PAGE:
Do you have friends who write? Please share the contest information with those in your writing group or friends you know who write. We will welcome their contest entries.
And remember. There are no contest fees. This is a perfect opportunity to get your writing “out there.” You have nothing to lose and something to gain. You just might be published on our website.
Memoir Writing Contest PRIZE
What’s a contest without a prize! Let me tell you about our Thai Silk Writer’s Journal prize. I have a friend who moved to Thailand. During an email exchange she told me about a trip she had made to watch Thai silk being woven. Soon after that I commissioned her to have bolts of Thai silk woven in specific colors and patterns for our Women’s Memoirs journals.
Erin took photographs for me to share. In this picture you see the cocoons being soaked in water. I have a another friend in Thailand who has a large facility for silk threads. Farmers bring him the cocoons and he creates skeins of silk. When I last saw him, he was not weaving the silk, just creating the basic threads. In Erin’s photograph you are seeing a small scale version of the cocoons soaking in water.
In this second picture, Erin shows us the silk threads that have been removed from the cocoons. Several individual thin threads are twisted together, dyed, and then put into skeins for use in weaving.
From cocoons to skeins of silk is already quite a feat. But if you want to do something from fabric then you need to weave the silk threads into cloth. Erin chose to have some bolts woven in solid colors. For others, she chose a combination of colors to be woven into patterns. They were all so beautiful that it was hard to create a final list. Erin took this picture of a woman weaving.
But wait, bolts of Thai silk still wasn’t the end point. I wanted to have journals that women would enjoy using whether they were journaling on a daily basis or taking a course and wanted to keep their notes or developing an outline and research materials for a memoir. Erin (standing on the left in the photo) found a wonderful woman, Won (standing on the right), who agreed to cut and sew the journal covers. We decided that the solid covers would look beautiful with an embroidered butterfly and Won knew just what to do. Perfect.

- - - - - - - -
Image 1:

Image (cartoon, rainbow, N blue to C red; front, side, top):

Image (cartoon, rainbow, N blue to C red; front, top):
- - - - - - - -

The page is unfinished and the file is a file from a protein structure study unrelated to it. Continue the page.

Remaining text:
Of course, Won created journal covers, not journals. I wanted something that could be used over and over so I sent her, via Erin, the measurements of a standard composition book. Once the covers arrived, I purchased composition books from Staples and put the covers on them. This means that you can go to your nearest Staples or Office Depot or Office Max to get a new journal whenever you fill one. Then you just take the Thai silk cover off and put it on the next one. The fabric is handmade and the covers are individually cut and sewn. There’s slight variation in each one, but that’s part of the charm of them.
The winner of our KitchenScraps Holiday Contest will receive one of these special Thai Silk Writer’s Journals.
By the way, they do make lovely gifts for your writing friends. If you’re interested in purchasing one, here’s a link to more information on the Thai Silk Writer’s Journals.